chain gang De Cleyre and Lane were of course leading writers of the libertarian anarchist tradition (representing that tradition’s “socialist” and “capitalist” strands respectively, if it matters). I haven’t been able to learn much about Gertrude Nafe, except that she was an associate of Emma Goldman’s, that she was active in John Reed’s Communist Labor Party, that her short stories were well-regarded by the mainstream, and that she was dismissed from her post as a Denver schoolteacher for refusing to take an oath to “promote by precept and example obedience to laws and constituted authorities.” Specifically, I don’t know whether she was an anarchist; but “The Law and the Man Who Laughed” is certainly anarchist in spirit.

Despite its obvious antiracist intent, “The Chain Gang” is marred by some unconscious racism (beneath all her beautiful metaphors, de Cleyre is in effect characterising blacks – or black convicts, anyway – as congenitally ignorant but naturally musical, comparing them to idiots savants), but its haunting beauty survives this flaw.

“A Bit of Gray in a Blue Sky” isn’t explicitly an antiwar story, but it’s hard not to read it as one, or to see an analogy between the fate of Lane’s carrier pigeon and the fate of human beings dragged from their ordinary lives into the jaws of a war machine they know and care nothing about. (Incidentally, see the true story behind Lane’s account. Sadly, by the time “A Bit of Gray” was published, the pigeon had already died of its wounds.)


People Who Live in Glass Steakhouses …

At Geno’s Steakhouse in Philadelphia, a sign with a big American eagle says:

This Is AMERICA
Please WHEN ORDERING
“SPEAK ENGLISH”

The Philadelphia Commission on Human Relations calls the sign intimidating and discriminatory, and wants to force the owner, Joey Vento, to take it down. Vento’s lawyer says the sign expresses concern for the plight of immigrants and that Vento is trying to help them by encouraging them to learn English.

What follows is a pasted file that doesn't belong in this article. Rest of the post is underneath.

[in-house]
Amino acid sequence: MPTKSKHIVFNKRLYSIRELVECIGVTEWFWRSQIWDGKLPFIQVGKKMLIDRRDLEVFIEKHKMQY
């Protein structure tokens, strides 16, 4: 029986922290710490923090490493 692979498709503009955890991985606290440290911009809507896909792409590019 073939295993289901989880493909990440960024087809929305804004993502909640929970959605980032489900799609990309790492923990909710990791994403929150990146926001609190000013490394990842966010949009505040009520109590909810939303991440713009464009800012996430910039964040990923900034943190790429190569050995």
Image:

Speak English or my eagle will bite you Okay, two easy questions and one harder one:

1. Is Vento’s sign obnoxious, nationalistic, and bigoted? Yes, of course.  (I mean, just look at it. Concern for immigrants, my ass.)

2. Is Vento nevertheless within his rights to post the sign? Yes, of course.

Those were the easy questions. Now the hard one:

3. Why is “SPEAK ENGLISH” in quotation marks?

Perhaps Vento’s grasp of correct English usage isn’t as strong as he supposes – which suggests he may not be ideally positioned to be lecturing others on correct linguistic behaviour.


A Dark Faith

[cross-posted at Liberty & Power]

Selwyn Duke thinks that those who question the biological basis of various psychological and behavioural differences among races are “practitioners of a dark faith” (pun intended?) incompatible with the teachings of science:

It seems especially odd when you consider that most of these inquisitors [Duke’s term for the antiracist left] are secularists who subscribe to the theory of evolution. Yet, despite their belief that different groups “evolved” in completely different parts of the world, operating in different environments and subject to different stresses, they would have us believe that all groups are identical in terms of the multitude of man’s talents and in every single measure of mental capacity. Why, miracle of miracles, all these two-legged cosmic accidents, the product of a billions-of-years journey from the primordial soup to primacy among creatures, whose evolution was influenced by perhaps millions of factors, wound up being precisely the same. It’s really the best argument for God I’ve ever heard, as such a statistical impossibility could only exist if it was ordained by the one with whom all things are possible.